To review published literature concerning cataract surgery and dry eye disease (DED).
A search was undertaken using the following: PubMed (all years), Web of Science (all years), Ovid MEDLINE(R) (1946 to 12 December 2019), Ovid MEDLINE(R) Daily Update 10 December 2019, MEDLINE and MEDLINE non-indexed items, Embase (1974-2019, week 49), Ovid MEDLINE (R) and Epub Ahead of Print, In-Process and Other Non-Indexed Citations and Daily (1946 to 12 December 2019), CENTRAL (including Cochrane Eyes and Vision Trials Register; Cochrane Library: Issue 12 of 12 December 2019), metaRegister of Controlled Trials (mRCT) ( www.controlled-trials.com ), ClinicalTrials.gov ( www.clinicaltrial.gov ) and WHO International Clinical Trials Registry Platform ( www.who.int/ictrp/search/en ). Search terms included ‘cataract surgery’, ‘phacoemulsification’ and ‘cataract extraction’, combined with ‘dry eyes’ and ‘ocular surface’. Relevant in-article references not returned in our searches were also considered.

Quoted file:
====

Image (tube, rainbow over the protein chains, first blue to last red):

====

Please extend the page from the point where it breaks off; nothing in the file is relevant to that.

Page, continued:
Publications identified included systematic reviews, meta-analysis, randomized controlled trials, cohort studies, case series and laboratory-based studies. Published data highlighting the burden of DED both prior and following cataract surgery were reviewed as well as studies highlighting the effects of cataract surgery on the ocular surface, intra-operative measures to reduce deleterious effects on the ocular surface and current evidence on the management options of post-operative DED.
DED is common and can be exacerbated by cataract surgery. Ophthalmologists need to assess for pre-existing DED and instigate treatment before surgery; be aware of reduced accuracy of measurements for surgical planning in the presence of DED; limit intra-operative surgical factors damaging to the ocular surface; and consider management to reduce DED post-operatively.